Imagine waking up the day after an election to find that your First Amendment Rights were more vulnerable than the day before? Imagine if your ability to speak freely and worship as you choose changed from election to election? Unfortunately, reproductive rights are subject to such political shifts. Yesterday’s election was not a referendum on reproductive rights, but a reflection of voters’ deeply felt economic worries. But reproductive rights will be collateral damage. The Center for Reproductive Rights’ mission is to work for the day when this isn’t so—when reproductive rights are protected as fundamental human rights that all governments are legally obligated to respect and protect. While we advance that vision, we’re in the trenches today, suing the federal government, states and municipalities when they jeopardize women’s lives, health, dignity and equality.
Here are the results from yesterday through a reproductive rights lens and what they mean for our work going forward. As you know, the political landscape of the country shifted significantly overnight with anti-choice forces increasing their strength in the U.S. House of Representatives, Senate, governorships and statehouses. The House of Representatives likely gained 48 anti-choice members with several races still being decided. The Senate retained a slim but diminished pro-choice majority with two races still being counted. There are already members of Congress who would use any means to block access to abortion, and they now have new allies. We anticipate that the anti-choice leadership in the House will aggressively attempt to push through measures designed to stop all health insurance policies from covering abortion services, even for those who work in the private sector and pay for premiums out of their own paychecks. We look to pro-choice members of Congress to be a bulwark against such rights violations, and to the President for his leadership.
While considerable focus is on Washington today, the states are likely to move more expeditiously to endanger women’s health and rights. They were already the primary battleground before this election, although the extremity of our opponents largely flew under the public’s radar screen. In 2010, the Center tracked more than 600 anti-choice state bills. The sheer relentlessness of our opponents was on full display this year in Oklahoma, where the legislature enacted eight new anti-choice laws, four of which were vetoed by now-retiring Governor Brad Henry (the legislature then overrode three of them). In January, Governor Henry will be replaced by an anti-choice governor. Governors in Kansas and Florida also vetoed extreme bills this year. Unfortunately they too were not standing for re-election and will be succeeded by anti-choice replacements.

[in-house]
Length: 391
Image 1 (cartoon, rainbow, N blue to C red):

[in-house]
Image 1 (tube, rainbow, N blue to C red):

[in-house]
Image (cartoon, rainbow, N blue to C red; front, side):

Not all the results are in from the governors races, but here’s what we know. Twelve states will switch from pro-choice to anti-choice governors. In addition to those mentioned above, they are Iowa, Maine, Michigan, New Mexico, Ohio, Pennsylvania, Tennessee, Wisconsin, and Wyoming. Three states will change from anti-choice to pro-choice or mixed-choice governors: Colorado, Nevada, and Rhode Island. Clearly, the overall landscape has become more challenging.
Since the 2008 elections, we’ve added to our docket thirteen new cases in nine states—a number surpassing similar periods during the Bush presidency. In the wake of this election, we can expect to see an increase in egregious laws, such as the one Louisiana passed this year that gives the state health department the power to shut down abortion clinics without notice and an opportunity to be heard. The health department wasted no time in wielding its new powers: at 5 pm on the Friday before Labor Day, the state closed our client, Hope Medical Group for Women, the only abortion provider in a 200-mile radius. We secured a court injunction and got the clinic back providing services. The case is ongoing, and is a reminder of the critical role that courts play in protecting against abuse of government power.
We will continue to work for the day when reproductive rights, like First Amendment rights, are protected from the outcome of elections. Increasingly around the world, reproductive rights are being protected as fundamental rights. It was expressed eloquently and forcefully by the Constitutional Court of Colombia in its 2006 ruling that overturned the country’s longstanding ban on abortion. The court wrote:
"Sexual and reproductive rights emerge from the recognition that equality in general, gender equality in particular, and the emancipation of women and girls are essential to society. Protecting sexual and reproductive rights is a direct path to promoting the dignity of all human beings."
We look forward to working with you toward this vision in the weeks and months ahead.
Thanks for all you do,